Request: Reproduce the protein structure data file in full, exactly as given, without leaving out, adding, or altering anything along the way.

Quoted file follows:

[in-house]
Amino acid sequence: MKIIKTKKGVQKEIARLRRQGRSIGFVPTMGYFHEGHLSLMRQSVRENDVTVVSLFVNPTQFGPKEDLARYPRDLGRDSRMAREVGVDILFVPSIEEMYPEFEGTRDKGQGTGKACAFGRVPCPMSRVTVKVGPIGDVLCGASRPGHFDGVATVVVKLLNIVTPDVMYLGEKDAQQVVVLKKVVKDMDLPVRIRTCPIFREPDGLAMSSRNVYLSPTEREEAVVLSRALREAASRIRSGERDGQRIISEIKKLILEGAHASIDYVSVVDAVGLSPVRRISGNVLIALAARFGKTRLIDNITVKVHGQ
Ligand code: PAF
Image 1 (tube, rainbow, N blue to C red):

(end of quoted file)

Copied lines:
[in-house]
Amino acid sequence: MKIIKTKKGVQKEIARLRRQGRSIGFVPTMGYFHEGHLSLMRQSVRENDVTVVSLFVNPTQFGPKEDLARYPRDLGRDSRMAREVGVDILFVPSIEEMYPEFEGTRDKGQGTGKACAFGRVPCPMSRVTVKVGPIGDVLCGASRPGHFDGVATVVVKLLNIVTPDVMYLGEKDAQQVVVLKKVVKDMDLPVRIRTCPIFREPDGLAMSSRNVYLSPTEREEAVVLSRALREAASRIRSGERDGQRIISEIKKLILEGAHASIDYVSVVDAVGLSPVRRISGNVLIALAARFGKTRLIDNITVKVHGQ
Ligand code: PAF
Image 1 (tube, rainbow, N blue to C red):